Rafaelo

Following the recent Brexit vote, it appears that neither David Cameron nor Tory contenders for the top job like Theresa May are willing to trigger the notorious Article 50 ‘before the end of the year‘. This is ironic because we were repeatedly told by Brexiters that we need to ‘take back control’ of our country as soon as possible. Yet, as political instability seems to kick in, Brexit developments appear to resemble a ‘moving’ image of the ‘School of Athens’ – Raphael’s most famous fresco in Vatican City.

Look at the centre of the fresco: Conservative Eurosceptics Boris Johnson and Michael Gove, like modern versions of Plato and Aristotle, debate, with extraordinary slack, alternative strategies that will protect our economic and political interests outside the EU. But as Michael Gove suddenly decides to throw his hat in the UK leadership job, Boris Johnson moves out of the centre of the fresco to take up the less prominent role of philosopher Epicurus who became famous for attaining a happy life free of ataraxia (that is, peace and freedom from fear).

In the meantime, George Osborne, like a modern version of Pythagoras, frantically sketches on his notebook alternative trade models. Sketches of these models (such as the Norwegian, the Canadian, or even the Albanian model) will be Osborne’s legacy to the next Chancellor of the Exchequer as competing options to sort out the incoming recession and its long-lasting (?) consequences.

In any case, and with Article 50 still inactive, financial markets appear to doubt whether British policymakers really want to exit the EU. This might explain, at least partly, why the sterling currency has steadied a bit (since 23 June) and why initial losses in the FTSE index have been reversed. Nevertheless, the spectacular lack of planning and preparation from the Brexit camp will, sooner than later, take its toll on the UK economy.

Indeed, it is not the day-to-day news coverage of big swings in the FTSE index that largely affect developments in the UK economy. Rather, one has to pay close attention to how business investment, the main driver of UK jobs and growth, evolves over time. The latest ONS figures (released on 30 June 2016) showed that in the first quarter of 2016, business investment fell by 0.8 per cent when compared with the same quarter a year ago. This is extremely worrying because the last time business investment decreased when compared with the same quarter a year ago was in the first quarter of 2010, when it fell by as much as 1.0 per cent (see figure below).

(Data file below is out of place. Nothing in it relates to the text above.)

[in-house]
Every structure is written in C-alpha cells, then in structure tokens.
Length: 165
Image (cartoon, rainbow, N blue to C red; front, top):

Brexit impact costas_milas Fig 1

Source: Office for National Statistics (ONS). Seasonally adjusted figures

In other words, Brexit headwinds have already started making an impact on the economy – even before Brexiters won! It is this very worrying statistic, together with the release of UK GDP growth for the second quarter of 2016 (scheduled for release in late July 2016) that might force, sooner than later, the modern ‘School of Athens’ members to a pragmatic, yet cynic arrangement. This involves behaving like a modern version of Diogenes of Sinope, who (unsurprisingly) also makes an appearance in Raphael’s famous fresco. Or, in the words of Financial Times commentator Gideon Rachman, the very cynic scenario would involve ‘finding a deal that keeps the UK inside the EU’.

With none of ‘The School of Athens’ players in a hurry to trigger Article 50, this cynic arrangement, endorsed by a second referendum, remains a possibility. But even if we do trigger Article 50 and start the Brexit process, don’t even think that ‘it’s all over’. Indeed, as Phil Syrpis puts it ‘while the clock does start ticking once the Article 50 notification is made, it is at least possible that the process could be stopped at any stage – at the UK’s initiative’ if, for example, there is a change of government. Therefore, it appears that the referendum has in no way settled the issue of our relationship with the EU once and for all.

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Notes:

  • This article appeared originally at LSE British Politics and Policy.
  • The post gives the views of its authors, not the position of LSE Business Review or the London School of Economics.
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Costas-Milas 2Costas Milas is Professor of Finance at the University of Liverpool.